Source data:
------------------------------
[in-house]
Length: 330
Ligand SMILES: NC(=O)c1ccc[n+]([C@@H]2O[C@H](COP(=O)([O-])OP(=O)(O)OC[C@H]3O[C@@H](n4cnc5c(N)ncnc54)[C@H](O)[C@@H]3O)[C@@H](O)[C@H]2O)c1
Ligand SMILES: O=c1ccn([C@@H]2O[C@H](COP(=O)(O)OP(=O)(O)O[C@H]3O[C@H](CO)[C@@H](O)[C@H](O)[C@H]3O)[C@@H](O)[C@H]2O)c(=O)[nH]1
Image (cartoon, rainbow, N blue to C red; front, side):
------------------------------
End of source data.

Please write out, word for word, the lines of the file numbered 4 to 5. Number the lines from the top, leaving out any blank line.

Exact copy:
Ligand SMILES: O=c1ccn([C@@H]2O[C@H](COP(=O)(O)OP(=O)(O)O[C@H]3O[C@H](CO)[C@@H](O)[C@H](O)[C@H]3O)[C@@H](O)[C@H]2O)c(=O)[nH]1
Image (cartoon, rainbow, N blue to C red; front, side):